2. Patients and Methods

2.1. Patient’s Enrollment and Mycobacterial Isolation

BU suspected cases (patients with nodule, plaque, œdema or ulcer) were enrolled in nine endemic areas of Côte d’Ivoire. Epidemiological and clinical informations were collected using UB 01, as recommended by WHO. Samples consisted of exudates or fine needle aspiration fluid 18 were discharged into a tube containing 2 ml of Middlebrook 7H9 medium supplemented by Cetylpiridium chloride (0.5%) and transported to the lab at +4°C. 10 ml of sterile water were added to the samples previously placed in a 15 ml Falcon tube. The mixture was centrifuged at 3000 rpm for 20 minutes

The pellet was resuspended in 1 ml of saline buffer (NaCl, 9‰) to inoculate four tubes of Löwenstein-Jensen medium. The tubes were incubated at 32°C and a daily observation was instituted till the appearance of colonies 19.

2.2. Phenotypic and Molecular Characterization of Strains

Several tests have been performed to describe the phenotypic and genotypic characteristics of isolates. The cultural characteristics were described based on the timing of colony appearance, the pigment secretion, and the morphology of colonies. Microscopic examination to detect Acid-fast bacilli was performed by using dried smears made with 5 μl of bacterial suspension and staining by the Ziehl-Neelsen coloration 20, 21. Biochemical characteristics were described by the Nicotinic Acid detection according to Konno protocol (Niacin-test), by the Nitrates reduction test, by the catalase activity detection at 22° and 68°C, and the Wayne's Tween 80 hydrolysis test 1, 21. The genotypic characteristics were determined by molecular tests using 1 ml of bacterial suspension. The strains were first characterized using insertion sequences (IS6110, IS2404, IS2606) secondly the plasmid virulence factor coding gene (Ketoreductase, KR) and then a VNTR typing. The insertion sequence IS6110 is common to the genus Mycobacterium wilton et cousin 1992 22 while the insertion sequences IS2404 and IS2606 23 are carried by M. ulcerans’s genome respectively in about 250 and 100 copies. The third tests targeted minisatellite markers: MIRU-VNTR (Mycobateria Interpersed Repeated Units- Variable Number of Tandem Repeated). The using method is as described by Stragier and several authors 24, 25, 26, 27. A set of four markers have been used: MIRU1, ST1, VNTR6 and VNTR19. Those markers permitted to distinguish M.ulcerans from other mycolactone producing Mycobacteria (MPM) and M.ulcerans like- strains (M. marinum, M. Pseudoshotsii).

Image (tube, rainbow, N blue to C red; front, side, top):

PCR were performed in a 9700 PCR system Thermocycler (Applied Biosystems, USA) 28, 29, 30, 31, 32. The IS6110, IS2404, IS2606 and ketoreductase (KR) were amplified according to the following program: a pre-denaturation phase at 94°C for 2 minutes, followed by 35cycles consisted of a denaturation phase at 94°C for 1 minute, an annealing at 66°C for 1 minute and extension phase at 72°C for 1 minute. A final extension at 72°C for 5 minutes stopped the reaction. PCR products were revealed on a 1.5% gel electrophoresis containing Sybr Green. A 100 bp molecular weight marker was used to evaluate PCR products size. For Genotyping, the thermocycler (GeneAmp 9700) was programmed as following: an initial denaturation for 5 min at 95°C, followed by 40 cycles of 94°C for 1 min, 58°C for 1 min (MIRU-1, locus 6, VNTR 19) or 65°C (for ST-1) and 72°C for 1 min. DNA inhibition was tested by serial dilution of the DNA extract. Positive DNA samples of M. ulcerans and M. marinum from the Institute of Tropical Medicine were tested for each amplification.

The GoTaq G2 Flexi DNA polymerase kit (Promega Corporation, USA) was used for the PCR mixes containing 0.2μM of each primer, 1.5μM, MgCl, 0.1μM dNTPs, 1 unit Taq polymerase, 1X of buffer and 3μl of DNA template for a final volume of 50μl.The revelation was made on a GelDoc Bioanalyzer (BioRad) after electrophoresis.

The size of the amplicons was used to determine the copy number of the targeted sequence and the profile result was given in code form characterizing one type of polymorphism 25, 26.

The data of these methods applied to the reference strains are recorded in Table 2.

3. Results

3.1. Microbiological and Biochemical Characteristics of Isolates

47 isolates were obtained on Löwenstein-Jensen medium from 9 endemic areas. Microscopic examination showed Acid-Alcohol-Resistant Bacilli. Three types of colonies were described among the isolates. The first type accounted for 65% of the isolates and consisted of firm, rounded, bulging, yellow-gold colonies. The colonies appeared after 3 to 6 weeks of incubation at 32°C (Figure 1A). The second type accounted for 25% of the isolates and consisted of rough, irregular-shaped, cauliflower-like, whitish, brittle-like colonies. The colonies appeared between 1 and 3 weeks of incubation at 32°C (Figure 1B). The third type of culture represented 10% of the isolates and associated rough, whitish, cauliflower-like colonies and rough yellow-gold colonies with curved surfaces. The colonies appeared after 3 weeks of incubation at 32°C (Figure 1C).